If you are an Animate developer, use Adobe Captivate to record
You can export a project from Adobe Captivate to Animate CC. You can enhance it or integrate it into a larger project.
You need not have Animate CC installed to perform this task.
When you export an Adobe Captivate project into Animate CC, the project is imported directly to the Stage. The imported project contains layers for each type of object. Appropriate Animate CC methods are used to enable any Adobe Captivate special effects (for example, tweens to move the mouse pointer). The Flash Library panel shows all objects created for the Adobe Captivate project, organized logically into folders.
Import of the following slide elements are supported: highlight box, captions, animation, click box, text entry box, and rollover caption.
Most elements in your projects are converted so they look and operate the same in Animate CC as in Adobe Captivate, but here are a few exceptions:
Imported mouse paths are linear, and not curved like in Adobe Captivate.
Interactive objects are not completely supported.
Slide transitions (fade between slides)
Use the Animate CC Library and movie clip objects to create reusable elements from the original project.
When you become familiar with the structure of the project in Animate CC, you can easily change your entire project or place Adobe Captivate elements in it. All the Adobe Captivate project elements are stored in the Animate CC Library and organized into folders. Navigate through these folders to select elements for editing.
The following layers are seen in the Timeline when you open an Adobe Captivate project in Animate CC.
This is the file that plays until the movie is downloaded to the user’s computer. For example, you could have a GIF file that informs the player that the movie is being downloaded until the download is complete.
The global actions defined in a movie. You can define global variables and declarations using the Actions layer in the Timeline.
When you double-click the slide, the Timeline in the next view contains objects corresponding to that slide. Use the Timeline to edit the various objects on the slide. Keep double-clicking an object to edit its different parts. The Timeline changes to reflect the various parts of the object.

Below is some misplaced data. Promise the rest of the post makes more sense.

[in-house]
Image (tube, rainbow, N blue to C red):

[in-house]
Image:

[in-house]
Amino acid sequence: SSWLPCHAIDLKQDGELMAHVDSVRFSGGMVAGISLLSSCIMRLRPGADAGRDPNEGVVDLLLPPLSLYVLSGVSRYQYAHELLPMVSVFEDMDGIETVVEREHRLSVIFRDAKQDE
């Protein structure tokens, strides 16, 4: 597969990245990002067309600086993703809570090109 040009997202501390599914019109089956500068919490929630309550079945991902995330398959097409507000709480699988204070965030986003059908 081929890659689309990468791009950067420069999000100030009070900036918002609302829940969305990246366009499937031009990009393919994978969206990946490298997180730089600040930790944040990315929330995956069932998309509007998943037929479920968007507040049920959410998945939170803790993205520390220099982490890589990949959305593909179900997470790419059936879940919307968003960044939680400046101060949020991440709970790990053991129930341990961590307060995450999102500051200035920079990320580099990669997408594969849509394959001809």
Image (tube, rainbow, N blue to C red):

In the Library panel, a folder named Adobe Captivate Objects contains all slides and objects in the project. (You can ignore the objects listed with the prefix “xrd”; these objects are images and sounds that are used in other objects.) To edit your project, double-click a library item and edit it. The “xrd” files are shown in a folder in the library.
Another way to navigate is to double-click elements on the Stage (in Animate CC). For example, to edit a movie, double-click the movie on the Stage. To navigate to an element on a slide, click in the Timeline. Position the playhead to show an object on the slide (such as a caption or highlight box). Then double-click the object to edit it. This method has the advantage of showing each element and object in the context in which it is used.
Unlike Adobe Captivate, Animate CC does not show all objects at one time; Animate CC uses the Timeline to represent when different objects are shown. Click in the Timeline or drag the playhead to preview the project.
The Library panel organizes your project and all of the elements it contains, such as slides, captions, and sounds, into a hierarchy of folders.
You can now record applications in all Adobe Captivate recording modes from within the Animate CC workspace (without launching Adobe Captivate).
This feature is available only in Adobe Captivate that is installed as a part of Adobe eLearning Suite.
You can instantly update the SWF files in Adobe Captivate by editing the source FLA files in Adobe Flash. You can launch Adobe Flash from within Adobe Captivate.
All instances of the SWF file used in the Adobe Captivate project get automatically updated.
You can also open Adobe Flash manually and edit the FLA file associated with the SWF file. However, you can manually synchronize the files by selecting Update in the right-click menu. at the corner of the object or widget indicates that the SWF file is not synchronized with its source. indicates that the SWF file is up-to-date and indicates that the SWF file is not available.
Click the hyperlinked SWF file, browse to the location where the replacement SWF file is located, and click Open.
Click Swap. In the Select Animation From the Library dialog box, select the replacement SWF file in the project’s library. Using this dialog box, you can also import SWF files saved in other locations and then select the file to replace the current one.